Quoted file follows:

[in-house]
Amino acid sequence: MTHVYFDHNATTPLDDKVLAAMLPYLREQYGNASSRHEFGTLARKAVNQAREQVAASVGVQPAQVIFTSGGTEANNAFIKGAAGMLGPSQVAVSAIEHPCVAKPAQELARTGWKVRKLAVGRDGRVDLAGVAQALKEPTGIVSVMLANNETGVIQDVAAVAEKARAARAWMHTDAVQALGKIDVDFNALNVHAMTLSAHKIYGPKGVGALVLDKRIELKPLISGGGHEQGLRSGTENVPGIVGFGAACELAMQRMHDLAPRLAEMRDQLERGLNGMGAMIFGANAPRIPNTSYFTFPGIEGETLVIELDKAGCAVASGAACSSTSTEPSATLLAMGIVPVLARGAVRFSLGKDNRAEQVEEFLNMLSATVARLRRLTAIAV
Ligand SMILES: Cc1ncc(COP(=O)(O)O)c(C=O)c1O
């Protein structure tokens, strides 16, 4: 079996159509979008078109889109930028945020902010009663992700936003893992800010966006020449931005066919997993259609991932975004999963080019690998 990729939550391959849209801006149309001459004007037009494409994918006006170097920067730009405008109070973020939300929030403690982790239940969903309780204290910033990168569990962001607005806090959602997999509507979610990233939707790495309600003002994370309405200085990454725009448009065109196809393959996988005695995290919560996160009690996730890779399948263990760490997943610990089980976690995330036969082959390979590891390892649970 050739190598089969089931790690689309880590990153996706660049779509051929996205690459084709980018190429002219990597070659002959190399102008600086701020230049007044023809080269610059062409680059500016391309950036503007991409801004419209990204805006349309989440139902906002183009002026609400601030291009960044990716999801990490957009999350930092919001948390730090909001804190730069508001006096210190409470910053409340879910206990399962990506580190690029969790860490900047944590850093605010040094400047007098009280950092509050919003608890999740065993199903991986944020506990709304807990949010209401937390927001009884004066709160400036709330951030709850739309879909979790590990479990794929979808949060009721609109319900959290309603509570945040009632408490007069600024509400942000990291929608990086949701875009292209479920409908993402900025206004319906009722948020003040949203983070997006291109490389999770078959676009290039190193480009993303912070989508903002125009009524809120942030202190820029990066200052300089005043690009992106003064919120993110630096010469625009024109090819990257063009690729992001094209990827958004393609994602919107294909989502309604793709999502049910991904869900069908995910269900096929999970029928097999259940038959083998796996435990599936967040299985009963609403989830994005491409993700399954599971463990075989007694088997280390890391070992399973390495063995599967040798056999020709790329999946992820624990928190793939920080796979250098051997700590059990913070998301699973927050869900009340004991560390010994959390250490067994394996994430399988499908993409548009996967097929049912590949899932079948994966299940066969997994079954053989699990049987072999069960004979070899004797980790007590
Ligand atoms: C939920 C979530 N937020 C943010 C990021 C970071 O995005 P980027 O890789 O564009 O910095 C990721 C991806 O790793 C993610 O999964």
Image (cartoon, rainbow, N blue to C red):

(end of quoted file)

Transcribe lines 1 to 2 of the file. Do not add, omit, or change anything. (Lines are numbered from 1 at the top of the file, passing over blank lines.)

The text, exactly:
[in-house]
Amino acid sequence: MTHVYFDHNATTPLDDKVLAAMLPYLREQYGNASSRHEFGTLARKAVNQAREQVAASVGVQPAQVIFTSGGTEANNAFIKGAAGMLGPSQVAVSAIEHPCVAKPAQELARTGWKVRKLAVGRDGRVDLAGVAQALKEPTGIVSVMLANNETGVIQDVAAVAEKARAARAWMHTDAVQALGKIDVDFNALNVHAMTLSAHKIYGPKGVGALVLDKRIELKPLISGGGHEQGLRSGTENVPGIVGFGAACELAMQRMHDLAPRLAEMRDQLERGLNGMGAMIFGANAPRIPNTSYFTFPGIEGETLVIELDKAGCAVASGAACSSTSTEPSATLLAMGIVPVLARGAVRFSLGKDNRAEQVEEFLNMLSATVARLRRLTAIAV